All I'm saying the difference between the best ball strikers that ever lived and every the average weekend chop as Cordle illustrates is that they reach a straight line condition after impact and the average chop dumps it before impact.  It can not be any more clear. 

Nobody has ever debated that.

What has been debated is:

  • That maintaining PP3 into and just past impact (you've talked about how they still have a ton of "lag pressure" AT impact) is what's actually happening, and
  • Whether the DST will remain bent when swung "properly" in your eyes (it does not).
1 minute ago, Divot Tool said:

Are we really pushing at PP3, or is that pressure a result of the shaft loading?

The shaft isn't still "loading" at impact. PP3, regardless of how you get it, is dramatically decreasing throughout much of the downswing. This is contrary to your statements about how Brooks Koepka et al have a "ton" of lag pressure at impact, and how it needs to be "maintained" or some such.

That's not what happens.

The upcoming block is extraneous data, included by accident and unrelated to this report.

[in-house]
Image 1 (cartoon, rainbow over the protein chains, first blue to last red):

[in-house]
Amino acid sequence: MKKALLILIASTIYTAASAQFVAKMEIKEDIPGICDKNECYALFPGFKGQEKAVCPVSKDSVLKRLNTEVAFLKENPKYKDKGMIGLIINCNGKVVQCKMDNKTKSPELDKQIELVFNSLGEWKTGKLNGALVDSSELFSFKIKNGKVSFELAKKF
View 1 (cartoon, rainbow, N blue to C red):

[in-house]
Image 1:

1 minute ago, Divot Tool said:

The technology that we are blessed with today was created from the need to quantify and thus comprehend why the BEST do what they do.  Force Plates, Bodi-Trak, Trackman, Gears et al don't make you a great ball stiker, they are merely tools.

These tools have helped us understand what's actually happening in the golf swing.

1 minute ago, Divot Tool said:

Actually, no we're not in agreement here.  Great ball strikers don't reach a straight line condition until well after impact.

You're wrong here. Hell, your very first picture of Vijay has it lined up at impact.

1 minute ago, Divot Tool said:

595936709_ScreenShot2019-09-07at1_44_28PM.thumb.png.1d2d29c4ed9304e50cbe241f1601ac3e.png

Here's a photo of Vijay Singh that actually captures his impact conditions.  Looks familiar.  

Right hand is barely on the club. Virtually no "lag pressure" here.

1 minute ago, Divot Tool said:

652654965_ScreenShot2019-09-07at1_52_17PM.thumb.png.082360a27eef748aa28f8c4fa06dc209.png

Here's a photo of Couples at impact. No cupping here at impact.

It's cupped. As it has to be because of the left-hand grip being a bit strong. But, clearly, cupped, as the left wrist has been on many, many good ball strikers.

1 minute ago, Divot Tool said:

If one were to look at the photo you posted above where the club is already parallel with the ground well past impact, one might come to the conclusion that he flipped it